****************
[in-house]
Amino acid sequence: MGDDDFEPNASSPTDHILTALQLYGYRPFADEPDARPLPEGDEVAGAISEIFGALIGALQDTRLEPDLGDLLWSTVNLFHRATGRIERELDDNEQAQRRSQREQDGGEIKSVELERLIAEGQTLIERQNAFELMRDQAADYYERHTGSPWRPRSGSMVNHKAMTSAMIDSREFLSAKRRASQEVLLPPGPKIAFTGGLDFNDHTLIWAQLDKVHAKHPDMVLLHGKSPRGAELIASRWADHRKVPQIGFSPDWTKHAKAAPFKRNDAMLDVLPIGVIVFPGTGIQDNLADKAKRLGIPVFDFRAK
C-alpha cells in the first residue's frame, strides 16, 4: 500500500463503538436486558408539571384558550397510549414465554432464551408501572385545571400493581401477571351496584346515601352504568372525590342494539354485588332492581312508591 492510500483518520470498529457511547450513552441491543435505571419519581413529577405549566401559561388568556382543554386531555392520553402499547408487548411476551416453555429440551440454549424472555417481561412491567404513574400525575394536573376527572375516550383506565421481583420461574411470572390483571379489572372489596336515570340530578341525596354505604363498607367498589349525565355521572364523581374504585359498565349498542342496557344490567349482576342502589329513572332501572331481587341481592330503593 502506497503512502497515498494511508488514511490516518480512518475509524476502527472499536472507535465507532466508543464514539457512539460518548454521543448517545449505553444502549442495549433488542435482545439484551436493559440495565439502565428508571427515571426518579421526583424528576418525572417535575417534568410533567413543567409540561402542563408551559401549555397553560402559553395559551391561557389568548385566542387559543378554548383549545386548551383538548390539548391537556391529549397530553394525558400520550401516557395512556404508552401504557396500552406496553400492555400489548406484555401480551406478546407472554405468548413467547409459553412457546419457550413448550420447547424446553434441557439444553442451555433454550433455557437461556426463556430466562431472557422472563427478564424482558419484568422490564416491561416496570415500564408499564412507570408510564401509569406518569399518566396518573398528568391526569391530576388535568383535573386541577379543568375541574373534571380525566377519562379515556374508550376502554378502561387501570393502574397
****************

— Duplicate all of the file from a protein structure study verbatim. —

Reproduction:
[in-house]
Amino acid sequence: MGDDDFEPNASSPTDHILTALQLYGYRPFADEPDARPLPEGDEVAGAISEIFGALIGALQDTRLEPDLGDLLWSTVNLFHRATGRIERELDDNEQAQRRSQREQDGGEIKSVELERLIAEGQTLIERQNAFELMRDQAADYYERHTGSPWRPRSGSMVNHKAMTSAMIDSREFLSAKRRASQEVLLPPGPKIAFTGGLDFNDHTLIWAQLDKVHAKHPDMVLLHGKSPRGAELIASRWADHRKVPQIGFSPDWTKHAKAAPFKRNDAMLDVLPIGVIVFPGTGIQDNLADKAKRLGIPVFDFRAK
C-alpha cells in the first residue's frame, strides 16, 4: 500500500463503538436486558408539571384558550397510549414465554432464551408501572385545571400493581401477571351496584346515601352504568372525590342494539354485588332492581312508591 492510500483518520470498529457511547450513552441491543435505571419519581413529577405549566401559561388568556382543554386531555392520553402499547408487548411476551416453555429440551440454549424472555417481561412491567404513574400525575394536573376527572375516550383506565421481583420461574411470572390483571379489572372489596336515570340530578341525596354505604363498607367498589349525565355521572364523581374504585359498565349498542342496557344490567349482576342502589329513572332501572331481587341481592330503593 502506497503512502497515498494511508488514511490516518480512518475509524476502527472499536472507535465507532466508543464514539457512539460518548454521543448517545449505553444502549442495549433488542435482545439484551436493559440495565439502565428508571427515571426518579421526583424528576418525572417535575417534568410533567413543567409540561402542563408551559401549555397553560402559553395559551391561557389568548385566542387559543378554548383549545386548551383538548390539548391537556391529549397530553394525558400520550401516557395512556404508552401504557396500552406496553400492555400489548406484555401480551406478546407472554405468548413467547409459553412457546419457550413448550420447547424446553434441557439444553442451555433454550433455557437461556426463556430466562431472557422472563427478564424482558419484568422490564416491561416496570415500564408499564412507570408510564401509569406518569399518566396518573398528568391526569391530576388535568383535573386541577379543568375541574373534571380525566377519562379515556374508550376502554378502561387501570393502574397